Great Smoky Mountains National Park is one of the largest protected areas in the eastern region of the United States. It straddles both sides of the border of Tennessee and North Carolina, and is renowned for its diverse wildlife, unspoiled beauty, and ancient culture. Accordingly, the park lays claim to being the country’s most visited national park. There is an almost endless selection of incredible vacation rentals at Great Smoky Mountains National Park situated just minutes from breathtaking views, as well as access to plenty of recreational activities for families. Reconnect with nature by hiking on the most unforgettable trails at this distinguished national park.

1. Alum Bluff Cave Trail

This family favorite trail offers scenic views of hardwood forests, small waterfalls, and creeks along a 4.4-mile hike. The Alum Bluff Cave Trail is one of the most popular hikes to the Leconte Lodge, the highest guest lodge in the eastern United States. The 4-plus miles of hiking may seem like a bit of a trek for families with young kids, but the variety in scenery brings renewed excitement with every turn. The trail itself is easy to follow and well-maintained, due to the popularity of the trail. Various points along Alum Cave Creek allow for wading in the shallows. The hike typically culminates at the Alum Cave Bluff, unless you’re continuing on to the Leconte Lodge, which is another 2.8 miles.

2. Porters Creek Trail

Gorgeous waterfalls and a blanket of wildflowers propel Porters Creek Trail to one of the most scenic family friendly trails on the list. The round-trip hike is 4 miles to Fern Branch Falls and begins at the end of Greenbriar Road. Every vista is reminiscent of a scene from a fairy tale, from the wooden bridge that crosses a bubbling stream to the carpet of white wildflowers that goes on for acres and acres.

3. Kephart Prong Trail

Take your kids back to a time before the park was established, and help them imagine the area as a logging camp. Remnants of camps from 1933 to 1942 can still be found along the Kephart Prong Trail, including a stone drinking fountain and stone hearth. Your kids can also delve into the past while examining the old fish hatchery built in the 1930s. But they can stay in tune with the present as they spot wildlife that has taken over the old camp. The Kephart Prong Trail is about 4 miles round trip.

4. Grotto Falls

Ever wonder what its like to walk behind a waterfall? At the Smokies, hikers can retreat to the cool, shady retreat behind the Grotto Falls, the only waterfall within the park where it’s possible to walk behind a cascade. The entire hike round trip is a little over 2.5 miles, but visitors who want a longer hike can continue on from Grotto Falls to Brushy Mountain or see how far they can make it to Mt. LeConte.

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5. Little Brier Gap Trail

Once upon a time, five spinster sisters used to live in a community called Little Greenbrier, located along the Little Brier Gap Trail. They became famous when they continued to live within the national park decades after it was established. Hikers on the Little Brier Gap Trail can see where the local Walker sisters made their home, in addition to local landmarks such as the Little Greenbrier Schoolhouse, which is listed on the National Register of Historic Places.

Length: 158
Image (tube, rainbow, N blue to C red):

6. Abrams Falls Trail

The Abrams Falls Trail leads to one of the strongest flowing and posts popular waterfalls inside the park. The hike starts from a field in Cades Cove and runs parallel to Abrams Creek. The stream is the longest stream within the park and eventually plunges over into Abrams Falls and one of the areas largest natural pools. The hike is 2.5 miles to Abrams Falls, with opportunities for fishing and cooling off in the creek nearby.

7. Deep Creek Loop Trail

What sets this trail apart is the opportunity to tube down the waters of Deep Creek. The trail itself is a moderately easy hike that leads to three different waterfalls. It’s a bit long at almost 5 miles, but the terrain is relatively flat for most of the way. For kids who enjoy challenging terrain, the Sunkota Ridge part of the trail gets a bit steep. Animal enthusiasts will find an abundance of wildlife in the area, and may even come across fellow visitors on horseback.

8. Rainbow Falls Trail

The Rainbow Falls Trail is about a 5.4-mile hike round trip along LeConte Creek, to the highest single-drop waterfall in the national park. The 80-foot-high Rainbow Falls is a place of magic for young explorers, who’ll be able to spot a rainbow in the mist created by the falls on sunny afternoons. Families will also find great picnic sites near the creek for a leisurely afternoon strolling along the water and taking a splash.

9. Caldwell Creek Trail

Also known as the Boogerman Trail, the entire trip is a whopping 7.4 miles round trip. While hiking the entire length of the trail might be difficult for young children, the trail includes various points of interest for young explorers. On the hike, visitors will be able to see an old graveyard, historic farms, and homes, as well as some of the biggest old growth trees around. The Boogerman trail is definitely one of the more challenging family friendly hikes, but the pockets of history along the trail are an inexplicable draw.

10. Big Creek Trail

At about 5.4 miles round trip, the Big Creek Trail isn’t a walk in the park. But the path leads to Midnight Hole, a gorgeous pool below a waterfall. Family members of all ages will enjoy the swimming hole, whether their preference lies with basking in the sun or wading in the water below the waterfall. Visitors who are old enough might enjoy jumping from the rocks around the pool into the water, a popular activity for both kids and adults.

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